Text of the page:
Gamers, rappers, heroes, and more at SF's quirkiest festival
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FILM The San Francisco Documentary Film Festival (Oct. 14-27), now in its 10th year, is probably my most-anticipated local film event. One of my favorite docs of all time, Cropsey, first crossed my path at the 2009 fest. This year, I didn't even try to come up with a coherent theme or find one film to focus on — I just started grabbing titles and watching as many of them as possible. It's been a gluttonous feast of true stories, friends. Short takes follow, with more online at Guardian blog Pixel Vision.
Ecstasy of Order: The Tetris Masters (Adam Cornelius, U.S., 2011) I can't think of anything more boring than watching someone else play a video game. Especially Tetris. The goofy, good-natured Ecstasy of Order skirts that basic dilemma by focusing on its subjects, all contenders at the 2010 Classic Tetris World Championship. Most everyone involved was a full-on teenage geek back in gaming's early days; now, with years of experience under their belts, they're far more skilled and (for the most part) way less dorky. Trouble is, there's no villain — unlike 2007's mighty The King of Kong (an obvious inspiration here), a film elevated by its epic good-vs.-blowdried-evil central conflict. By contrast, Ecstasy's crew is comprised of friendly misfits who seem to genuinely enjoy playing against each other; without much drama, the stakes don't seem as high. Oct. 23, 12:30 p.m., and Oct. 25-26, 9:30 p.m., Roxie.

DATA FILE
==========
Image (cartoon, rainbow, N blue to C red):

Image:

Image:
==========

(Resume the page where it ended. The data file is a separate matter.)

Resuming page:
The Furious Force of Rhymes (Joshua Atesh Litle, France/Germany/U.S., 2010) San Francisco native Joshua Atesh Litle's vivid, cross-cultural study of contemporary hip-hop offers ample examples of how and why, as one German rapper says, music has become "an international language for those without voices." After a brief recap of hip-hop's Bronx, NY origins, the film jets to Paris and Berlin, the West Bank and Israel, and Dakar, Senegal, highlighting performers who rhyme about social injustice, political unrest, racism, immigrant struggles, and other issues affecting their daily lives. Kinda makes you sorry that mainstream American hip-hop has become so superficial and swag-obsessed. Fri/14 and Oct. 20, 9:30 p.m., Roxie; Mon/17, 9:30 p.m., Shattuck.
Holy Rollers (Brian Storkel, U.S., 2010) For a time, one of the most successful card-counting outfits in America was "the Churchteam," a group of 20-somethings who mapped out a businesslike way of relieving casinos of millions of dollars. Two managers trained a pack of players, who would then travel to Las Vegas and other places, armed with stacks of bills (contributed by investors) and the cojones to cheat until they were "backed off" from the blackjack table. (As 2009's The Hangover, excerpted here, points out, counting cards isn't illegal — it's merely "frowned upon.") Neat story, but the real hook here is that the Churchteam was comprised almost entirely of practicing Christians; their shared faith insured that nobody would steal from the team's profits. (Of course, when the team started losing, and theft was suspected, all eyes fastened upon the single non-Christian in the pack.) The fast-paced Holy Rollers tends toward the highly enjoyable, but the Churchteam members are so self-satisfied that they prove difficult to root for at times. Holy smugness, bro! Sun/16 and Oct. 20, 7:15 p.m., Roxie; Tues/18, 9:30 p.m., Shattuck.